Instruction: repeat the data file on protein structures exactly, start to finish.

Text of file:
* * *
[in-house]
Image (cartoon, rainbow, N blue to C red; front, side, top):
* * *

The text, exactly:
[in-house]
Image (cartoon, rainbow, N blue to C red; front, side, top):